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Hackers are posting verified Zoom accounts on the dark web

Ethan Wolff-Mann
Senior Writer

Zoom Video Communications (ZM) has been the saving grace for millions of people stuck at home, trying to figure out how to work and maintain social relationships in isolation. But the videoconferencing platform has already become a target for scammers, according to a cybersecurity firm that monitors the dark web, the internet’s unlisted phone book of shady sites.

“On April 1st, an actor in a popular dark web forum posted a link to a collection of 352 compromised Zoom accounts,” a spokesperson for cybersecurity firm Sixgill wrote in an email. “In comments on this post, several actors thanked him for the post, and one revealed intentions to troll the meetings.”

Sixgill said these links included email addresses, passwords, meeting IDs, host keys and names, and the type of Zoom account. Most were personal, but not all.

According to Sixgill, “one belonged to a major U.S. healthcare provider, seven more to various educational institutions, and one to a small business.”

In this April 18, 2019, file photo shows a sign for Zoom Video Communications ahead Nasdaq IPO in New York. (AP Photo/Mark Lennihan, File)

The accounts were listed for anyone to download, with the intent to troll and disrupt rather than profit. But given that many are using Zoom for business purposes, confidential information could be compromised.

Google (GOOG, GOOGL) Hangouts and Meet, Skype (MSFT), and Slack (WORK) have seen spikes in usage as work from home soared in March, and Zoom has taken off as one of the newer videoconferencing options. Rapidly, it’s become the go-to platform for canceled schools to figure out how to turn the home into a classroom, for friends and family to see each other, as well as a critical tool for many businesses.

But recently, Zoom has been under scrutiny for privacy and data concerns and CEO Eric Yuan has admitted multiple times that the company had some “missteps” and moved too fast, failing to stem security issues like “Zoombombing,” where someone crashes and disrupts a meeting. Someone even built an automated tool to find Zoom meetings to crash, highlighting the need for users to implement passwords on meetings.

Zoom told Yahoo Finance that the company is “looking into” the problems. Earlier the company said it would be focusing on improving security before new features.

Lots of tools for sale to take advantage of coronavirus

Lauryn Morley, a lower school substitute teacher for the Washington Waldorf School in Bethesda, Md., works from her home due to the Coronavirus outbreak on April 1, 2020 in Arlington, Virginia. (Photo by OLIVIER DOULIERY/AFP via Getty Images)

Sixgill and other cybersecurity firms tell Yahoo Finance that the dark web has been rife with tools for scammers.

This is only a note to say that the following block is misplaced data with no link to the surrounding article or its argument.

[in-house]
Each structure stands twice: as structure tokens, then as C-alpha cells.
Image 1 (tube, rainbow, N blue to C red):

So far, the coronavirus pandemic is causing a dual health and economic crisis simultaneously, both resulting in a staggering death toll and massive unemployment numbers — stoking fears and making people stressed and vulnerable to scams, experts say.

Those fears, coupled with confusion surrounding incoming stimulus payments, have laid the perfect foundation for scammers to take advantage. Already, the FTC said it got more than 7,800 complaints regarding scams, resulting in a median loss of $598 per person.

According to cybersecurity firm Binary Defense’s Randy Pargman, a former member of the FBI’s Cyber Task Force, many of the phishing tools sold and traded in criminal forums can easily be used for coronavirus-themed attacks by rewriting the text of the emails.

“It appears that people are re-purposing a variety of phishing kits by adding coronavirus and health organization images and text to them,” said Pargman. 

Pargman noted other potential malfeasance, like someone in a forum offering to sell a list of over 900 usernames, email addresses and passwords that the seller claimed to be stolen from a “medical website.”

“It doesn’t mention coronavirus directly,” said Pargman, “but it could possibly be used for phishing or attempting to access medical professionals’ accounts if they re-used the same password for other accounts as they used on whatever medical website the information came from.” 

The Zoom video meeting and chat app has become the wildly popular host to millions of people working and studying from home during the coronavirus outbreak. (Photo by OLIVIER DOULIERY/AFP via Getty Images)

Sixgill has also seen significant chatter suggesting that threat actors see this crisis as the “perfect opportunity for performing other illegal activities, such as smuggling illicit goods with impunity,” the firm said in a report, which found that actors are also seeking to “hoard or sell medical items such as ventilators, masks, and testing kits.”

Mercifully, the report said, “we could not locate anyone selling truckloads of toilet paper (we searched).” However, Reuters reported that sellers were listing N95 masks at steep markups, to be bought via bitcoin.

Both Sixgill and Pargman reported seeing people sell “vaccines” on the dark web, which raises the possibility that dark web users themselves might be getting scammed on the platform. 

“Most alarmingly,” Sixgill researchers wrote, “we located a post in which an actor claims to be auctioning access to the cloud platform of a top-200, politically-themed U.S. website. The actor notes that purchase of this access is ‘great for raising panic about the coronavirus.’” 

The auction began at $20,000.

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Ethan Wolff-Mann is a writer at Yahoo Finance focusing on consumer issues, personal finance, retail, airlines, and more. Follow him on Twitter @ewolffmann.

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